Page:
The Stanley Cup Trap – A Bottom Feeder’s Relish
Today’s salary cap ridden NHL forces general managers into a success trap. The better your team performs, the more you’ll pay for it later, literally. The 09/10 Stanley Cup winners present a perfect example, as Stan Bowman suddenly found himself with a championship team full of young stars waiting for pay raises. Even with the salary cap to be raised from $56.8 million to $59.4 million, Bowman was forced to pull off several strategic manoeuvres in trading some of his pivotal players while maintaining Chicago’s proven core of budding superstars. The Blackhawks, barely managing to stay under the cap, lost several young guns which other teams benefited from. Here’s a look at how the former Blackhawk’s have performed on their new NHL teams, and how Chicago has performed under the circumstances in the 2010 – 11 season.
June 24 saw the first major move from Bowman, trading four players to Atlanta for three players and two draft picks. The deal included fan favourite Dustin Byfuglien, Ben Eager, Brent Sopel, and Akim Aliu in exchange for Marty Reasoner, Joseph Crabb, Jeremy Morin, and Atlanta’s first two picks in 2010. Those picks were converted into Kevin Hayes, drafted 24th overall, and Justin Holl.
Name, GP, G, A, P, PIM
Byfuglien: 23, 8, 13, 21, 29. (On pace for 75 pts, 39 higher than career high).
Ben Eager: 23, 3, 3, 6, 40. (On pace for 21 pts, 5 higher than career high).
Brent Sopel: 22, 1, 1, 2, 8. (On pace for 7 pts, 13 lower than career high with Blackhawks).
6 days later on June 30, Bowman traded Kris Versteeg and the rights to Bill Sweatt to the Maple Leafs for Viktor Stalberg and minor leaguers Chris Didomenico and Philippe Paradis.
Versteeg: 21, 6, 6, 12, 15. (On pace for 47 pts, 6 lower than career high).
On July 1st Chicago went back to the Thrashers for help, trading forward Andrew Ladd for Ivan Vishnevskiy, and a second round pick in 2011.
Ladd: 23, 8, 16, 24, 4. (On pace for 86 pts, 37 higher than career high).
After filing for arbitration and being awarded $2.75 million Chicago stepped away from their Stanley Cup winning goaltender, Antti Niemi, on August 2nd.
Name, GP, W, L, GAA, S%
Niemi: 9, 3, 5, 3.93, .877. (Only had 7 regulation losses in all of last year).
Playing for a team stacked in young talent, players such as Byfuglien and Ladd suffered from a lack of ice time. However, with a resurgence of playing time on their new team, Byfuglien and Ladd have experienced success and are both on pace for career highs. Byfuglien has quickly become the backbone of a vastly improved Thrashers team, and Ladd would be named captain on November 18th. Eager and Sopel have also thrived with their new team, providing much needed grit to a team that lost Colby Armstrong in the offseason. Versteeg has had, up to this point, a roller coaster of a season. Not living up to expectations, Versteeg has been rotated through the first three lines but has still managed some point production on a team with the fourth lowest goals for per game in the league. Niemi has had the least success with his new team, the San Jose Sharks, falling short of what General Manager Doug Wilson expected from a goalie that recently shined in the playoffs.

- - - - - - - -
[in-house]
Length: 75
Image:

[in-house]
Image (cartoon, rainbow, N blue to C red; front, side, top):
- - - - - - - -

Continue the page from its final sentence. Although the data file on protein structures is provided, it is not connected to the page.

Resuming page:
Bowman on the other hand, trading mostly for young talent, prospects, and draft picks, relied heavily on free agency to fill the void he left. While attempting to spend as little money as possible, Bowman managed to throw together a team reminiscent of the 09/10 season, but one with a shallower depth than years before. The Blackhawks have accomplished 13 victories in 26 games thus far in the 10/11 season, and currently sit fifth in the Western Conference. Chicago battles a shaky defence with a stifling offence; one that sits ninth in goals for per game.
In conclusion, the NHL has witnessed firsthand the effects of winning the Stanley Cup in the salary cap era. Bottom feeders, such as the Atlanta Thrashers, are ready to pounce on the next championship team to face salary cap difficulties. Most of the former Blackhawks are flourishing on their new teams. As if Bowman hasn’t dealt with enough, the dust hasn’t even begun to settle in his sea of predicaments. The end of the 10/11 season leaves $42,385,503 committed to just 10 players, meaning that Bowman has to fill a minimum of 10 more spots using only $17 million dollars (If the cap doesn’t increase). It’s safe to say that GM’s of other bottom feeders already have Bowman’s number on speed dial.
By: Kyle Larkin